One truly bizarre effect I experienced with MATE and the Compiz Raindrop effect is that when the Linux Mint 12 MATE screensaver kicked in and the virtual machine went blank, the virtual machine’s desktop repeatedly drew itself onto the HOST DESKTOP!

Do not adjust your screen! With each new raindrop, the host desktop redrew a squashed version of the guest’s desktop after the screensaver activated. Multiple, squished desktops were appearing in random locations on the host. Weird…


It felt like the guest OS display was “leaking out” onto the host desktop. Powering off the guest OS stopped the effect.


What About Linux Mint 10.10?

Linux Mint 10.10 runs flawlessly inside VirtualBox 4.1.12, and I never encountered any problems similar to those seen with Linux Mint 12 (or any problems at all, in fact). I could not ask for better performance from a Linux distribution. The menus are snappy, the guest system is stable, and Compiz installs and runs without fuss. Linux Mint 10.10 does what I wish Linux Mint 12 would do, and Linux Mint 10.10 does it well.

Linux Mint 10.10 is a superb performer.


VirtualBox continues to improve and impress. At first glance, it looks the same as previous version 4 VirtualBoxes, so the interface is familiar and easy to pick up and use. With version 4.1.12 available, I would recommend the upgrade because its reliability affects the reliability of every guest OS running under it.

Compiz works with Linux Mint 12 MATE running in VirtualBox 4.1.12, but this is most likely due to the version of Linux Mint rather than VirtualBox since different Linux distributions behave differently. So, if you want to experience the most responsive, hassle-free VirtualBox + Linux Mint combination, choose Linux Mint 10.10.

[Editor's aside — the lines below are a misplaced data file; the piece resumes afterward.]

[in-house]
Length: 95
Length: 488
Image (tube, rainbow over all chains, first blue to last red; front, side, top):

For those unfamiliar with VirtualBox and virtual machines, it is definitely worth trying. The ability to run multiple operating systems — each inside its own virtual environment — opens new computing possibilities and ideas.

VirtualBox is one of those must-have programs that, once used, becomes a vital addition to the computing toolbox.


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  1. #1 by anthonyvenable110 on May 19, 2012 - 8:17 PM

    Thanks for this article I really enjoyed it a lot!!! After all, you managed to talk about one of my favorite programs Virtualbox, and a desktop environment that I look forward to messing with in the very near future. What I enjoyed most was the detail and it shows you put some time into it.

    • #2 by delightlylinux on May 21, 2012 - 4:01 PM

      Thanks! I appreciate your kind comments and the time you spend writing them.

      The research and writing requires quite a bit of time (sometimes days) to produce an accurate article, so if at least one other person enjoyed it, it was worth the time.

    • #3 by delightlylinux on May 21, 2012 - 4:11 PM

      VirtualBox is a fantastic, must-have piece of software because it allows people to experiment with other operating systems on a familiar system. When people inquire about Linux and ask to try it, I recommend VirtualBox inside Windows (for Windows users) to eliminate the panic of going cold-turkey. If they do not like Linux, they can always remove it without damaging the Windows system that contains their personal data. If they wish to switch to Linux as the main OS, then they already have experience running it from VirtualBox. Almost all people I have shared Linux with has tried Linux inside VirtualBox running on Windows before installing Linux as the primary OS.

      For anyone else curious about virtualization, VMWare is another product similar to the free VirtualBox. However, VMWare is a pay product, so I do not recommend it to those new to virtual machines. This way, if people decide virtualization is not for them, they can remove VirtualBox without losing money.

      People seem to appreciate that, and it makes experimenting with Linux risk-free and inviting.